A man in a hot air balloon realized he was lost. He spotted a man below and reduced enough altitude to where the man could hear him and shouted:  ‘Excuse me, can you help me? I promised a friend I would meet him an hour ago, but i don’t know where I am’. The man below replied, “You’re in a hot balloon hovering approximately 30 feet above the ground. You’re between 40 and 41 degrees north latitude and between 59 and 60 degrees west longitude”
“You must be an NCO”, said the balloonist

“I am, replied the NCO, “How did you Know?”

“Well, ” answered the balloonist, “everything you told me is technically correct, but I’ve no idea what to make of your information, and I’m still lost. I won’t get to where I’m going with the information you gave me.”

The NCO below responded, “You must be an Officer”

“I am”, replied the balloonist, “but how did you know?”

” Well,” said the NCO, “you don’t know where your are or where you’re going. You have risen to where you are due to a large quantity of hot air. You made a promise which you have no idea how to keep, and you expect people beneath you to solve your problems. The fact is you are in exactly the same position you were in before we met, but now somehow, it’s my fault.”

UdairiRangeI am a religious man, who fails to live up to his ideals every day. I’m working on it.

This happened in the Kuwaiti desert. It’s a story I’ve told to close friends and family.

Here it is for the rest of you.

After a week long exercise in the desert, the Udairi Range for those in the know, we had just finished the culminating event. The ODAs had performed a hit on a quarry and we were all standing around in the dark.

We were expecting the word when it came down. “You’ve been compromised, your vehicles are disabled. Here are the grids for your extraction point and for the route you’re to take to get there.”

My team leader, Mitchell, tapped in the first grid coordinate as fast as he could and we punched out into the night.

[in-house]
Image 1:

I had volunteered to carry the satellite radio. A little bit smaller than a kitchen drawer, it was very dense and heavy. I had my ruck built up already though, with a pocket for the radio close to my back and strapped in high.

The night was  cold, even colder than was typical for a desert in Kuwait, the sky clear. Once we were about a kilometer out into the desert we stopped and performed a SLLS halt. (Stop, Look, Listen, Smell, prounounced ‘sills’) The purpose of such a halt is to get a feel for the area. To try and determine what is normal. To discover if you are alone.

All was well. Once the SLLS was complete, while the other five of us pulled security, Mitchell punched in the rest of the coordinates for our route. I heard him swear softly. We’d been given the longest route of anyone participating in the exercise. 47 kilometers. We had until the next night to get to our extraction point and traveling during the day was verboten.

I was worried. It had only been a klik or so, but I was already feeling the weight. I suspected that I might have over-estimated how many pounds I could carry. But what was I going to do? Ask someone else to do it? Not a chance.

We stood up and went on, curving out into the desert along the prescribed route. I pounded along, keeping up as best I could. Hot spots were developing on my feet.

A few hours later I was even more worried about my situation. I was keeping up alright but I was having trouble keeping my balance through the alternating bands of sand, softball sized rocks, and gravel. I knew that if I started falling it would be the end. I would have disgraced myself and my team.

Desperation was a growing pressure in my chest.

I muttered a prayer, asking God for help of some sort. It came to my mind that I should ask for a walking stick. I grinned to myself. Why not? If I was asking for help from a divine being, why not a walking stick in the middle of the most barren landscape I had ever seen?

It got worse. Clouds rolled in, the wind picked up, and the temperature dropped.

Through the dust ahead of me I picked out a fenceline. I grimaced and steeled myself for the ordeal of either climbing over it with my pack on, if it was low, or taking the bloody thing off and putting it back on again on the other side. Neither prospect thrilled me.

I wondered, though, if one of the posts might not be persuaded to come loose and be pressed into service as that walking stick I’d been asking for. I’d seen fences in kuwait, some of the posts were made from lengths of PVC, others metal, others lengths of rattan. I was hoping for rattan.

As we got closer to the fence I realized it wasn’t a fence. There was only the one post. The men ahead of me walked on, past whatever it was sticking out of the sand.

I stopped, sweating there in the dark, and stared. It was the bottom half of a HMMV’s radio antenna. The half with the big brass threaded nut on the end. It stood there in the sand, heavy brass end down. It wasn’t even partially buried, it was balanced upright. I extended a finger and tapped it. It fell over.

I looked up and all around. The other men were dark hunchbacked shadows moving through the night.

I squatted down just far enough to snag the antenna and picked it up. Grasping it by the heavy brass end, tip on the ground, it reached to just above my waist. A perfect walking stick.

I muttered a brief prayer of incredulous thanks and moved on through the desert, aided by my walking stick. The wind and the weather got worse.